Janis Ian back with Billie’s Bones

SOUNDS FAMILIAR - Baby A. Gil () - June 22, 2005 - 12:00am
Child prodigies do not always grow up into spoiled brats, they also mature into artists who continue to amaze the public with their works. Such is the case of Janis Ian who as a teenager stunned audiences with her astute poetry and detached singing style. But I have to admit that although she makes me think of Sylvia Platt at times, I do believe that she was too mired in self-pity in most of her early works. But then I have to also admit that self-pitying or not she is one writer who often hits the nail on the head. In fact, the pains she explores in her works can feel so real.

"I learned the truth at 17 that love was meant for beauty queens and high school girls with clear-skinned smiles who married young and then retired…"
goes Ian’s Grammy winning recording of At Seventeen from the album Between the Lines in 1974. Thirty years and many albums later, her latest Billie’s Bones proves that Janis Ian is still the intelligent, observant, honest and incisive artist we admire.

Ian’s strongest point has always been her lyrics and there is nothing stinted about this in Billie’s Bones. The title cut comes from a poem she wrote in 1968 when she was only 18. "I stand on the bones of my elders/ I walk on the carcasses of those who went before me/ Billie is my idol, I wander through the desert of her later years/ copying every bleached bone/ mimicking each tattered muscle/ watching for any sign of life/ trying to grin with the ease of her skull/ grinning back at me/ and all I have learned from all this desert/ is just how well I fail."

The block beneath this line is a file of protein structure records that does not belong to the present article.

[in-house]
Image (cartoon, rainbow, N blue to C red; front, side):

If you think that is good then prepare to be dazzled by the new version which is even more poignant than the original. "Now the flesh of earth has passed/ now the joints have come undone/ all that’s left of her is ash/ scattered on the air like crumbs/ there are voices on the wind/ stolen whispers, sacred moans/ you can hear them through your skin/ and the singing of the bones/ when the wind blows from the east/ I can taste her on my tongue/ and the grave is lined and paved/ with all the songs we never sang."

The title track shows how far Ian has matured in her art over the years. Space does not permit me to compare one poem to the other, but then, this limitation should serve as an incentive for you to get a copy of the CD where the lyrics of the 13 songs are printed in the cover. Then you can either read the songs as beautiful poetry or you can sing along with the album.

Janis Ian is also an excellent singer and musician and she reaches new heights with Billie’s Bones. Admirable is her vocals, laid-back but haunting and seemingly hiding so much emotion. So is her sure-fingered guitar-playing. And so are her melodies that go from country to pop to folk to jazz and other music types to match the mood of her poems.

The other titles included are: My Tennessee Hills, Paris in Your Eyes, Marching on Glasgow, I Hear You Sing Again, Forever Young, Matthew, Amsterdam, Dead Men Walking, Save Somebody, Mockingbird, Mary’s Eyes and When I Lay Down.
* * *
Still on the subject of beautiful love songs. BMG has this interesting compilation containing songs for a love story. And unlike Ian’s, it has a happy ending. The two-disc set is divided into four stages, Finding, Loving, Hurting and Reuniting. Under these are popular titles that might have served and still serve as background music to many romances.

has I Turn to You by Christina Aguilera, Fallen by Lauren Wood, Heaven Knows by Rick Price, More Than Words by Extreme; Loving has This I Promise You by ‘N Sync, Because You Loved Me by Celine Dion, 2 Become One by the Spice Girls, Valentine by Jim Brickman.

is defined by How Could an Angel Break My Heart by Toni Braxton with Kenny G, If You Leave Me Now by Chicago, How Do I Live by Trisha Yearwood, One Last Try by Brian McKnight; and finally there is Reuniting with Back for Good by Take That, The One That You Love by Air Supply, and If You Don’t Know Me by Now by Simply Red. Plus lots of other tunes.

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